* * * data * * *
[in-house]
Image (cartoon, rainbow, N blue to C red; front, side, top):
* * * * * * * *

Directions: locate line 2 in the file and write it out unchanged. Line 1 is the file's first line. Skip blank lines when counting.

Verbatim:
Image (cartoon, rainbow, N blue to C red; front, side, top):